Gov. Phil Murphy made official Monday the announcement he's said for days was inevitable — starting Wednesday, all pre-kindergarten, K-12 schools and higher education institutions in the state will be closed because of the ongoing novel coronavirus threat.

Murphy had said over the weekend he was "99 percent sure" the announcement would come Monday, stressing the state was giving time for schools to work out plans for home instruction, and for meal delivery to students who get free or reduced-price meals. Communities have also been grappling with how to provide day care for students whose parents still need to work.

More than 400 school districts, of more than 600 in the state, had already closed or shifted to home instruction as of Friday.

The announcement comes as Murphy also announced severe restrictions on businesses — barring eat-in dining or drinking, and shuttering theaters, gyms, casinos, racetracks and other non-essential entertainment businesses. Those restrictions, in concert with identical ones in New York and Connecticut, go into effect Monday night at 8 p.m. and remain in effect until further notice. Gas stations, pharmacies and other businesses deemed essential will remain open, but gatherings of 50 or more will be barred.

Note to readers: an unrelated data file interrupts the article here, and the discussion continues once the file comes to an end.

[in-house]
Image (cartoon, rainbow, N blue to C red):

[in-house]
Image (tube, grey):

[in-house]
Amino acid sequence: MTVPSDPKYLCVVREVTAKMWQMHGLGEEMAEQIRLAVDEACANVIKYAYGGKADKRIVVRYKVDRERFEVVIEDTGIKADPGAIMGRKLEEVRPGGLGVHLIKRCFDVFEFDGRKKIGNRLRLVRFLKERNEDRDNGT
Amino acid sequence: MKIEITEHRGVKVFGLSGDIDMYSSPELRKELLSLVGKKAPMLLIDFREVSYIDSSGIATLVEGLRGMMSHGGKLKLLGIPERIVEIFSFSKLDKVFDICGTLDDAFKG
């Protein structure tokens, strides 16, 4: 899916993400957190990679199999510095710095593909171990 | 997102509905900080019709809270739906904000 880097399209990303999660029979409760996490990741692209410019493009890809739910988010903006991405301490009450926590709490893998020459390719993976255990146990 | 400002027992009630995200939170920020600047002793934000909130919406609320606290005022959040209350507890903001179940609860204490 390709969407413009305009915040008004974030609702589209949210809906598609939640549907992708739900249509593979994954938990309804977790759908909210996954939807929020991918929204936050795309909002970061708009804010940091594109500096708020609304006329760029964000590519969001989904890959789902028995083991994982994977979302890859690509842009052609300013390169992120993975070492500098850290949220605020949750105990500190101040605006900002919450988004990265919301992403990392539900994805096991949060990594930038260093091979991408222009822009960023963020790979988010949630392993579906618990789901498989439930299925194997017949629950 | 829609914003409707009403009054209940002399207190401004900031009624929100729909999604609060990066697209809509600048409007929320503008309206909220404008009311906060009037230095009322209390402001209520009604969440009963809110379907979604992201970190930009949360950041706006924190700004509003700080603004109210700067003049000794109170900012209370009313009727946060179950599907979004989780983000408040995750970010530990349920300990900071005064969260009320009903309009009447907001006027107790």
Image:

Murphy and governors from neighboring states also said people should avoid any non-essential travel from 8 p.m. to 5 a.m.

The governor's office hasn't said whether and to what extent retail could be affected, but several malls have closed either voluntarily or under orders from local officials.

Murphy also said Monday the National Guard would be mobilized and moved to "ready posture."

Another round of positive results announced during Sunday's state briefing brought the total number of known COVID-19 cases based on testing to just under 100 in NJ, with patients in 13 out of 21 counties. However, state-level counts have been changing quickly, sometimes lagging behind locally reported cases. In some cases, state-level counts have adjusted numbers for individual counties down, even as the state's overall count rises by the day.

Among districts in counties with confirmed COVID-19 cases that remained on regular schedules for Monday were Elizabeth public schools in Union County, and Lakewood public schools in Ocean County. Officials said they were reluctant to close schools because of the large number of students receiving services through the districts.

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